The Coronavirus (Scotland) Act, which came into force in April 2020, addressed the possibility that commercial landlords would evict tenants for non-payment of rent at a time when their operating capability was severely affected.
Covid-19 impacted widely on the business world, with many companies folding due to the economic pressures. The Act was instrumental in enabling struggling businesses to continue trading at a time of unprecedented upheaval.
Before the pandemic, commercial landlords only had to provide 14 days notice of eviction to their tenants for non-payment of rent. When the pandemic hit and quickly caused severe problems for businesses, the Scottish government took action to protect commercial tenants.
The minimum timescale for delivering eviction notices in Scotland increased from 14 days to 14 weeks. This legislation served an important purpose, and allowed businesses a little more time to pay their rent without the threat of eviction.
Now the pandemic is passing, however, and the economy is starting to open up once again, when will the previous rules come back into force?
‘Irritancy’ of a commercial lease is the term used in Scotland to describe the termination of a lease due to a monetary breach by the tenant, and the termination takes place prior to its official expiry date.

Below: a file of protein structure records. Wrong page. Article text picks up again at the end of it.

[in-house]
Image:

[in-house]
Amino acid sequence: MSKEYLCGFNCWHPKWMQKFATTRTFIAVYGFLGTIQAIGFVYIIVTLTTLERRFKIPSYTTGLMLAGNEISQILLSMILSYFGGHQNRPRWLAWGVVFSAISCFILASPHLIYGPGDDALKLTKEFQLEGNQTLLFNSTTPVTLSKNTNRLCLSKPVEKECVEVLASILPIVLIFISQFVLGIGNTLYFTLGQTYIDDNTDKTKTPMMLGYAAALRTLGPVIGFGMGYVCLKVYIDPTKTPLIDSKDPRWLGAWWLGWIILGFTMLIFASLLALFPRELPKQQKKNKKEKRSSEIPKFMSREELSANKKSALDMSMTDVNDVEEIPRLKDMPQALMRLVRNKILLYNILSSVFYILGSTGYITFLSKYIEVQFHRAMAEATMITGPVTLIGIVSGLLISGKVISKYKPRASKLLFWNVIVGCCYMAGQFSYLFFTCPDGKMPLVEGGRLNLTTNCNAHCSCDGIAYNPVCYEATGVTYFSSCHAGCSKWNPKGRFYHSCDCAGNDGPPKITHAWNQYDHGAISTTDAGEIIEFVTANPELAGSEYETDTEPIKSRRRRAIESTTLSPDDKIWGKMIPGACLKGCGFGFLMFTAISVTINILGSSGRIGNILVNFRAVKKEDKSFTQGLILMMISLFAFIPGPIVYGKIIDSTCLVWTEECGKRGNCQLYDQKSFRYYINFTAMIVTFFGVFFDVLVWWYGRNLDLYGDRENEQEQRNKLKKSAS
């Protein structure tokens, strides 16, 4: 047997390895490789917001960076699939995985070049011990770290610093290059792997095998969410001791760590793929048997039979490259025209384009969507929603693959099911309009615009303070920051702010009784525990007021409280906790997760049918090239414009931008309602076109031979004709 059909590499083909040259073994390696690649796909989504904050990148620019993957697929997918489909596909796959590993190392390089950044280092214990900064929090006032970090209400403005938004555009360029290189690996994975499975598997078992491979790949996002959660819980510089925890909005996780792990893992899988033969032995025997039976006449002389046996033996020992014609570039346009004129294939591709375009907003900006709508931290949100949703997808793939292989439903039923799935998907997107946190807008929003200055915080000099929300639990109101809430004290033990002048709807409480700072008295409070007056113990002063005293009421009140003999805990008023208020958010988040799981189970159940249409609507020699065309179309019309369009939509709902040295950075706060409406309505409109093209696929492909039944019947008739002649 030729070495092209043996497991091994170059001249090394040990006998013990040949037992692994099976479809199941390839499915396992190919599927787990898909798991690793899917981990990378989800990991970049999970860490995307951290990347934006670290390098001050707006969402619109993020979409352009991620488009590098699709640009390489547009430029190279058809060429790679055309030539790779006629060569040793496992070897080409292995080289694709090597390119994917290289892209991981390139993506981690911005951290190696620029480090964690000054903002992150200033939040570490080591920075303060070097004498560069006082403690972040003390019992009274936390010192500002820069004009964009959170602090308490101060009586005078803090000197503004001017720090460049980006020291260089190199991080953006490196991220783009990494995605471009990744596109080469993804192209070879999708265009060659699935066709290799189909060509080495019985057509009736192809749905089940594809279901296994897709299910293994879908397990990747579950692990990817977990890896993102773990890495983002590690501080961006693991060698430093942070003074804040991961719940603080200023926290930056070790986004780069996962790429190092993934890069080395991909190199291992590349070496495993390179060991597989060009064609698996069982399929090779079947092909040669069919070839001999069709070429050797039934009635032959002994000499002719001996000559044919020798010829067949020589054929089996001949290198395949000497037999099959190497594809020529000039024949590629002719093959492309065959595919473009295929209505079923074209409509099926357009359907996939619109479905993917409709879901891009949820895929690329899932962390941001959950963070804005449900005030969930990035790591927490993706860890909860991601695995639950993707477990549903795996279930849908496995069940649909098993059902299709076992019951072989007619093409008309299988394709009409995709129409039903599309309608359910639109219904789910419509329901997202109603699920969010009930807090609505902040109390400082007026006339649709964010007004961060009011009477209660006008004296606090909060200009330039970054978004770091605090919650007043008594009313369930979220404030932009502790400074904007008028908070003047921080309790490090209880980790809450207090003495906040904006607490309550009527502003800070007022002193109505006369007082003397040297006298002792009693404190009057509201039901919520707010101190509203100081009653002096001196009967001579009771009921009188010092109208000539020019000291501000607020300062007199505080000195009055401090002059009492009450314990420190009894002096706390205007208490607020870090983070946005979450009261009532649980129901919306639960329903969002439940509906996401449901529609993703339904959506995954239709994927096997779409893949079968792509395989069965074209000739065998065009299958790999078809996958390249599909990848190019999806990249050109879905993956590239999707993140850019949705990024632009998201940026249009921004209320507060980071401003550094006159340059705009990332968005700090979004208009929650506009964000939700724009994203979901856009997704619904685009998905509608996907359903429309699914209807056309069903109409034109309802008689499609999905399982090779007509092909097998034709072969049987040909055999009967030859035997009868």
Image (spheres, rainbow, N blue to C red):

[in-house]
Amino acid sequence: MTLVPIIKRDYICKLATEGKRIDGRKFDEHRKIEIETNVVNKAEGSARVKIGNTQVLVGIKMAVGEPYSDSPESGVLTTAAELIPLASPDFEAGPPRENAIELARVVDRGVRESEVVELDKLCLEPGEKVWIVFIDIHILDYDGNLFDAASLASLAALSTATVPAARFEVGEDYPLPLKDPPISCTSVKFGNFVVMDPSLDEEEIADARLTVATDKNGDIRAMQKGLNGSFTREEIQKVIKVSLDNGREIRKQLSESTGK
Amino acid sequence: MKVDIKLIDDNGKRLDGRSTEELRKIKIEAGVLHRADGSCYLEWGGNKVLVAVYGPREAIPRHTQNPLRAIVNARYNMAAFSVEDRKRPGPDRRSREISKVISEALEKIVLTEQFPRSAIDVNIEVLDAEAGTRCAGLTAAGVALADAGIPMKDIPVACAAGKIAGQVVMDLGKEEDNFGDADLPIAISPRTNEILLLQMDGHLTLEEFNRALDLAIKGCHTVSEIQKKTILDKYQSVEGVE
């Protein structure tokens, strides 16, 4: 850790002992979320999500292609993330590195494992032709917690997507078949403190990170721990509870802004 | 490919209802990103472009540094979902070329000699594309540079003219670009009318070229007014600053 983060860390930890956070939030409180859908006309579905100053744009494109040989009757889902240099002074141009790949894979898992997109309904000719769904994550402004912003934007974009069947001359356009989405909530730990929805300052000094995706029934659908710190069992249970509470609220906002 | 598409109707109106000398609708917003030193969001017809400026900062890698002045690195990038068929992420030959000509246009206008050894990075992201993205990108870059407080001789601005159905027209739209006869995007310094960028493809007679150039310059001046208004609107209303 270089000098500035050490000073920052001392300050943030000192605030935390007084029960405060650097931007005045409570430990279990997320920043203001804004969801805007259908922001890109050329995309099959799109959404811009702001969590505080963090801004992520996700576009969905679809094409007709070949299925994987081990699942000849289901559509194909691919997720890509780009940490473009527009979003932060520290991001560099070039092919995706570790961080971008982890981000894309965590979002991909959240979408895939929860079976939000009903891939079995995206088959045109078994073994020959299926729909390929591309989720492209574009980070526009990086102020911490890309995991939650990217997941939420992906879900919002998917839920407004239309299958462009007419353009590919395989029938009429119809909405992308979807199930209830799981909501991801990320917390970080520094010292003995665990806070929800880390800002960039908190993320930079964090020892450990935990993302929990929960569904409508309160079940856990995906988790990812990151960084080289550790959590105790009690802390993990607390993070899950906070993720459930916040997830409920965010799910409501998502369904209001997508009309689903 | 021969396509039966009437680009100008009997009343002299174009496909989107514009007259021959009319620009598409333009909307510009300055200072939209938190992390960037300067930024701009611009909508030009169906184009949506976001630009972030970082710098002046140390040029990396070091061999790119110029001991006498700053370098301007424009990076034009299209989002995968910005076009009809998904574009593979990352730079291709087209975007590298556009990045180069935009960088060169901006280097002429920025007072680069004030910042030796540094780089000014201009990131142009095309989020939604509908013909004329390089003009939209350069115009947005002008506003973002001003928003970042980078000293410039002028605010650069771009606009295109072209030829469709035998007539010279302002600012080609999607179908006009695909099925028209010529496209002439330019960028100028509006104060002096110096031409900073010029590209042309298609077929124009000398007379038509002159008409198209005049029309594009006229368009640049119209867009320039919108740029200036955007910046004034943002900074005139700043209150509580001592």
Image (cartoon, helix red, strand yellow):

The breach should be for non-payment of rent, or non-payment of a service charge, for example, or perhaps failing to make an insurance-related payment with regard to the commercial premises.
The restriction on commercial landlords in Scotland, in relation to eviction notices, could end on 31st March 2022, but the Scottish government may further extend the deadline to 30th September 2022.
There is a danger that rent arrears will build up, however, and increase the threat of eviction when regulations return to pre-pandemic times. So is there anything you can do to help your business survive under these circumstances?
It’s important to seek licensed insolvency help as soon as possible when you’re experiencing cash flow difficulties – if there’s insufficient cash available to pay the bills as they become due, the business will enter insolvency.
A licensed professional may be able to negotiate a lower rent with your landlord until you’re able to repay the arrears. They could also offer advice on securing additional finance to help you pay your rent and associated costs.
If you run a limited company you must protect your creditors if the business enters insolvency, and take the correct steps to minimise their financial losses. If you fear eviction by your landlord when the rule on eviction notices changes again, Scotland Debt Solutions can help.
We’re debt specialists, and will clearly present your best options if you’re worried about legal action by your commercial landlord. Please get in touch with one of the team – we can arrange a free, same-day consultation, and work from a number of offices around Scotland.
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